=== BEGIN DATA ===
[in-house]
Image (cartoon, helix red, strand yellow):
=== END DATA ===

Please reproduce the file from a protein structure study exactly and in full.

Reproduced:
[in-house]
Image (cartoon, helix red, strand yellow):